At the first and most basic level this work is a close reading of Herder's early essay "Uber den Fleiss in mehreren gelehrten Sprachen" (On Diligence in Several Learned Languages) of 1764.
Morton offers the first extended examination of Herder's distinctive philosophical and rhetorical idiom. He argues that Herder's often difficult style is not the mere hindrance to understanding it has often been taken to be, but rather that the substance of his thought is in fact integrally bound up with precisely how he constructs the texts intended to express it. The meaning of a Herderian text, Morton maintains, is conveyed both through the overt content of its propositions and, at the same time, through the various poetic techniques by which they are woven together. Interpretation of Herder's work thus depends on looking not only at what the words say (or appear to) but also, as with any literary text, at what they actually do—or, in the terms of the dialectic to which Morton refers throughout the book, at the gestural no less than the discursive dimension of the text.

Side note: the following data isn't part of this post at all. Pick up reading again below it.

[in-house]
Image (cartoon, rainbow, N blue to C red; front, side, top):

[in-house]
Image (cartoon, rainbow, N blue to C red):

Morton argues that the essay represents the essential key to the shape and direction of Herder's thought at large. In so doing, he provides a basis for a reassessment of Herder's position in intellectual and literary history generally, with particular reference to his role in the development of German Idealism, his key contribution to the foundations of Romanticism, and the impetus provided by his work to the rise of both linguistic and historicist paradigms of thought.
This work is of importance to scholars both in German studies and in other fields working with the eighteenth and early nineteenth centuries, as well as to all those concerned with modern intellectual history, philosophy of language, and philosophy of history.